Due to the way this is using Cloudflare Workers it uses an element called Workers KV this is the global low latency Key-Value store. This is unfortunately not available in the free tier. Therefore I have upgraded to the Workers Unlimited plan for $5 a month something that I think is good value for money.

Cloudflare Hosting

Cloudflare Setup for WordPress Users

I have been a huge fan of Cloudflare since they first came to my attention.  I did a post on them a few years ago. They do an excellent job of improving web performance and increasing security. I also find Cloudflare’s Blog a fascinating read

I saw a tweet by Chris Wahl recently where he talked about a Cloudflare firewall rule he is using to protect his WordPress instance.

I am using something similar in the Firewall section and also leveraging a couple of other cool features.

Chris has done an excellent write up on the firewall part including how to achieve this with Terraform so for the detailed look check out his blog post here for a slightly simpler version see below.  This post will talk about some of the other features I am using to improve the Speed, Security and functionality of my site.

Firewall Rules

The most important thing when hosting a WordPress site is to protect the admin section.  This should be done with a strong password and preferably two-factor authentication.  However, if you can stop people even accessing this part of the site then even better.  If you are using Cloudflare then this is easy to achieve.

From the Cloudflare, portal navigate to My account > Firewall Firewall Rules and create a rule and give it an appropriate name then configure the settings as per below.   The IP(s) in the value section are the only ones that will be able to access the site once this configuration is live.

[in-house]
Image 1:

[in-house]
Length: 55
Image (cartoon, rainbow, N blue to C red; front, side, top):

When the rule is live it will look like the below.  A really nice touch is the graph showing how many requests have matched this rule and you can also dig into see the individual events if required.  An example drop log is shown below

Page Rules

I also use another feature within Cloudflare called Page Rules. My account > Page Rules

Within the free tier of Cloudflare, you are allowed to create up to 3 rules.  At the moment I am using two of these.

The first of these is an automatic rule to rewrite to HTTPS. I am using this with wildcards to ensure that all pages are taken care of but still land on the intended page.   Details of what Cloudflare does are here

The other rule I use is for a status page.  This is more for demonstrating some AWS features as a status page but I am sure multiple other use cases exist.   As Cloudflare intercepts the request before any webserver the redirect is quicker.  However, in this case, they can do the redirect even if my webserver is not online.

Cloudflare Applications

Another really nice use case is Cloudflare’s applications.   As the HTML  CSS etc is passing through the Cloudflare network they can manipulate it.  They do this to improve performance using compression.  They also have the capability to inject code I use this to add Google Analytics into every web page.  They have a large number of Apps available to easily make functional changes to your site.

WordPress Plugins

WordPress has a plugin for interacting with Cloudflare via the API.  This has a couple of uses and it is highly recommended.  Firstly the plugin can optimise your WordPress install to work best with Cloudflare. It also gives you access to some of the basic settings allowing anyone with admin access to WordPress to tweak Cloudflare settings if required.

The second function that it performs is that performs automatic cache management automatically invalidating cache as the content is changed as required.